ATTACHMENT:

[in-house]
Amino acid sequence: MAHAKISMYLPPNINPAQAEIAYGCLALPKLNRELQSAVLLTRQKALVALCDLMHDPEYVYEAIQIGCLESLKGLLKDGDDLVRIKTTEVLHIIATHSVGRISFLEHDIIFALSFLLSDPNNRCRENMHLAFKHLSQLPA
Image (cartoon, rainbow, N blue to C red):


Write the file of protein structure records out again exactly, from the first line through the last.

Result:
[in-house]
Amino acid sequence: MAHAKISMYLPPNINPAQAEIAYGCLALPKLNRELQSAVLLTRQKALVALCDLMHDPEYVYEAIQIGCLESLKGLLKDGDDLVRIKTTEVLHIIATHSVGRISFLEHDIIFALSFLLSDPNNRCRENMHLAFKHLSQLPA
Image (cartoon, rainbow, N blue to C red):